Experimental Social Psychology, 42, 57–68.
Kağıtçıbaşı, Ç. (2010). Günümüzde insan ve insanlar: Sosyal psikolojiye giriş. [Human and
humans today; Introduction to social psychology] (12. Basım). İstanbul: Evrim
Yayınevi.
Kesicioğlu, S., & Alisinanoğlu, F. (2009). Investigation of environmental experiences of
preschool children. Electronic Journal of Social Sciences, 8(29), 2–14.
Malkus. A. J. (1992). Children's attitudes toward the environment: Relatioanship with
parents' environmental attitudes, family environmental practices and children's
personality characteristics (Master's thesis). Purdue University, West Lafayette. IN.
-35-
A comparative study on the environmental attitudes…S. Soydan & A. O. Samur
Musser, L. & Diamond, K. (1999). The children's attitudes toward the environment scale
forpreschool children. Journal of Environmental Education, 30 (2), 23-29.
Özdemir, O. (2010). Doğa deneyimine dayalı çevre eğitiminin ilköğretim öğrencilerinin
çevrelerine yönelik algı ve davranışlarına etkisi. [The effects of nature-based
environmental education on environmental perception and behaviour of primary
school students] Pamukkale Üniversitesi Eğitim Fakültesi Dergisi, 27, 125-138.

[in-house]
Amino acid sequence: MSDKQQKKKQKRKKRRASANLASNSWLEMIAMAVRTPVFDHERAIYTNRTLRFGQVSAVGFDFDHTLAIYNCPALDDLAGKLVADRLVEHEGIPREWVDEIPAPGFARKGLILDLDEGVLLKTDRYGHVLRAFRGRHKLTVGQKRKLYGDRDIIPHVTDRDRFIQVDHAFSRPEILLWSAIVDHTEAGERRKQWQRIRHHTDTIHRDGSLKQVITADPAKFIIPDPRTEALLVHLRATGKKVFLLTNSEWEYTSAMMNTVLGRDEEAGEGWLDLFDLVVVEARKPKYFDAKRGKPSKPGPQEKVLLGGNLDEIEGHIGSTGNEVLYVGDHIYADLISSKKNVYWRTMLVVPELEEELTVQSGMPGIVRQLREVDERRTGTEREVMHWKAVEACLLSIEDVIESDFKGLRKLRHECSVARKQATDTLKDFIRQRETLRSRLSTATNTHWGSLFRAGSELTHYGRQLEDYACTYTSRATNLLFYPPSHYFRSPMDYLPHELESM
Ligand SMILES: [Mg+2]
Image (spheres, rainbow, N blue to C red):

Palmer, J. A. (1995). Environmental thinking in the early years: Understanding and
misunderstanding of concepts related to waste management. Environmental Education
Research. 1(1), 35-45.
Poortinga, W., Steg, L., & Vlek, C. (2004). Values, environmental concern and environmental
behavior: a study into household energy use. Environment and Behavior, 36, 70–93.
Sigel, I.. Stinson, E. T. & Flaugher, J. (1991). Socialization of representational competence
in the family: The distancing paradigm. In L. Okagaki &R. Sternberg (Eds.).
Directors of development: Influences on the development of children's thinking (pp.
121-144). Hilladale. NJ: Erlbaum.
Surbrook, A.N. (1997). Children’s exposure to the natural environment and their
environmental attitudes (Master’s Thesis), Michigan State University.
Sutherland, D. & Ham, S. (1999). Child-to-parent transfer of environmental ideology in Costa
Rica Families: An ethnographic case study. Journal of Environmental Education, 1(1),